Millennials stay with parents to save costs

Even college-educated young adults in the US are more likely to live with their families today than in 2010. Experts say they need to leave the nest a

Millennials stay with parents to save costs
During the recession near the end of the last decade, many young adults facing a dreadful job market moved in with their parents to save money. Now, jobs may be more plentiful and the economy has improved, but many members of the millennial generation have yet to leave the nest, according to a new study. In fact, even more of them are living at home now.

 An analysis of census data by the Pew Research Center has found that 18- to 34-year-olds are less likely to be living apart from family members than they were even during the depths of the recent recession, the worst economic downturn since the 1930s.
 “Young adults were the age group that was hardest hit by the Great Recession,” said Richard Fry, a senior researcher at Pew. “They are not fully healed from the damages.”  In 2010, according to the study, 69 per cent of 18- to 34-year-olds lived independently. During the first four months of this year, just 67 per cent of that same age group was living independently. From 2010 to April 2015, the share of young adults living in their parents’ homes hasincreased to 26 per cent from 24 per cent, the study said.

 In terms of sheer numbers, there are more young adults today than when the recession hit: The 18- to 34-year-old population has grown by nearly three million since 2007. But the number of them heading their own households has not increased, the study said.

It’s family time

 In the meantime, the  US national unemployment rate for young adults declined to 7.7 per cent in the first four months of this year, down from 12.4 per cent in 2010. While people with college degrees are more inclined to secure higher-paying jobs, the study found that even college-educated young adults are more likely to live with their families today than in 2010.

 Many housing analysts have been counting on young people to help lift the still-restrained housing market by buying their own condos or houses, moving out of rental apartments or their family home.

 Homeownership in America is at its lowest point since 1967, at 63.4 per cent, according to government data reported this week. Home sales are clearly on the rebound, but they remain lower than before the recession despite the increased population. One of the main reasons is that not as many people are entering the pipeline as first-time home buyers.

“We need the millennials to start leaving their parents’ homes and start out on their own for the housing market to normalise,” said Mark Zandi, chief economist at Moody’s Analytics. “This is going to be a problem if it continues.”

 Zandi said he was optimistic that young adults will set out on their own eventually and noted that his analysis of other sets of data show this slowly starting to happen. “My sense is that millennials are forming households,” he said, “but this is going almost entirely into rentals.”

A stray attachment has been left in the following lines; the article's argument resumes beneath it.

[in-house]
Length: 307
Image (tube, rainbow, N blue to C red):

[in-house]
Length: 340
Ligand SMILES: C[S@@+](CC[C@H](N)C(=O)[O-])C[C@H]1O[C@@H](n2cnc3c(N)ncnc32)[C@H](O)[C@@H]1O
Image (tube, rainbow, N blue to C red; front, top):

But rents are rising, particularly in popular cities like San Francisco, Denver and New York, and there are fewer apartments on the market. Vacancy rates recently hit their lowest level in 30 years.

 For young people moving into apartments, these higher costs limit spending elsewhere and make it harder to save for a down payment for a future home.

 From 2003 to 2013, the share of renters aged 25-34 who had so-called cost burdens — meaning they spent more than 30 per cent of their incomes on housing — increased to 46 per cent from 40 per cent, according to a report released last month by the Joint Center for Housing Studies atHarvard. The share that spent more than half their income on housing also increased, to 23 per cent from 19 per cent.

 During roughly the same period, the share of renters in that same age group with student loan debt jumped to 41 per cent in 2013 from 30 per cent in 2004, with the average amount of debt up 50 per cent, to $30,700, the Harvard report said.

 Some economists say that higher student debt loads may be partly to blame for so many young adults living at home. A staff report from the Federal Reserve Bank of New York in November concluded: “A substantial portion of the persistent increase in co-residence with parents among recent youth cohorts can be explained by increasing student debt balances.”

Living-at-home is widely accepted

The Pew study identified another group finding it hard to leave home: people 25-34 without any formal education beyond high school. They may not have heavy student debts but they are also the ones facing the greatest difficulties in the job market. Regardless of the reasons, the living-at-home phenomenon seems to be growing as an accepted part of popular culture. 

The dating site Match.com offers tips on maintaining a social life while living at home with an article titled, “Dating at Mom and Dad’s House.”

 Other sites offer T-shirts, in both newborn and grown-up sizes, that say, “I still live with my parents.” Blog posts from millennials discussing living at home abound.

Clarissa Wei, 24, moved into her parents’ home in Arcadia, California, just over a year ago after quitting her full-time job to become a freelance food and travel writer. Her main reason for moving back?

“Money,” she said.
 The house is big enough that she does not feel cramped by her parents,and it allows her to pursue her adventures, serving as a base for travel overseas from time to time. She said she was not sure how long she would stay at her parents’ house.
 “I haven’t really thought about it that far ahead,” Wei said.


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